Burt and Wareheim Awesome Wine, Great Job!

Joel Burt and actor Eric Wareheim discuss partnership and successful launch of new brand

by Stacy Briscoe
Joel Burt (left) with Eric Wareheim (right), winemakers of Las Jaras. Photo courtesy of Las Jaras.

San Rafael, Calif.—In 2017, Eric Wareheim, co-creator and co-star of Tim and Eric Awesome Show, Great Job!, a comedy show that ran on the Cartoon Network’s Adult Swim from 2007 to 2010, released a wine based around one of the show’s sketches.

For those unfamiliar, the name, the label art and the wine’s initial popularity all centered around a character played by actor John C. Reilly. The sketch features Reilly as the character Dr. Steve Brule, slobbering down glass after glass of red wine. “What kind of wine are you drinking?” asks co-star Tim Heidecker, playing TV anchor Jan Skylar. “Sweet berry wine!” answers Reilly.

Jokes aside, Wareheim has since partnered with seasoned vintner Joel Burt, former winemaker for Yountville, Calif.-based Domaine Chandon, and together the two created a business based around sourcing good grapes, thoughtful winemaking and personal, creative brand marketing.

How it started
“What’s really interesting is that the wine community was actually very welcoming,” said Burt, who now is focused full-time on Las Jaras. When the first vintage of Sweet Berry Wine debuted in 2017, people may not have expected the wines to be “that great” Burt said. “But they’ve been impressed with the level of refinement in our wines. Everything we do is deliberate: all label choices, the design, how it’s made. Everything is incredibly deliberate.”

These deliberate choices, what Burt calls the “millions of decisions that go into every bottle,” are ultimately a reflection of his career as a winemaker and the relationship between him and Wareheim.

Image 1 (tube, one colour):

Burt described the beginning of his career as one of a constant notion that bigger is always better: bigger wines, bigger alcohol, bigger scores — wines that cater to the biggest critics. But around 2003, Burt started making experimental lots in his garage, crafting wines in the style of, what he refers to as, the “new California movement:” balance in flavor and texture, low intervention and an all-in-all more “natural” approach to winemaking.

“When I first started studying winemaking (in 1999), I was mentored by David Lucas (of Lucas Winery in Lodi, Calif.) who worked with Mondavi in grower relations in the 1970s through the ‘90s. He was a stalwart of wines being of balance and restraint, so I tasted a lot of those wines,” Burt said. “They were always under 14% alcohol, always delicious and always ageable.”

These, he said, are the wines that ultimately influenced his winemaking style and that of Las Jaras.

In 2009, through mutual friends, Burt met Wareheim. At this time, because of his role as Arnold in the Netflix original series Masters of None in which Wareheim and star Aziz Ansari go on multiple culinary adventures, Wareheim already had a reputation as a big foodie. He was just starting to become interested in wine in relation to food when he met Burt. “But I was on a different track than him. When you first get engaged in wine, you don’t necessarily fall into those wines of balance,” Burt said, explaining that, at the time, the “popular” wines were big, bold over-extracted wines. “Which is fine,” he said, “But not necessarily something I want to drink on a regular basis.”

Burt became Wareheim’s wine tutor, introducing him to the more subtle and naturalistic wines he’d become immersed in. “Every time we’d go out, people would compliment Eric on the Sweet Berry Wine sketch and just send him wine to our table,” Burt said.